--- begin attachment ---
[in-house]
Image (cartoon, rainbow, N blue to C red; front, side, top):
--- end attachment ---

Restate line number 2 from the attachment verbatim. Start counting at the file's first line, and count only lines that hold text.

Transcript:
Image (cartoon, rainbow, N blue to C red; front, side, top):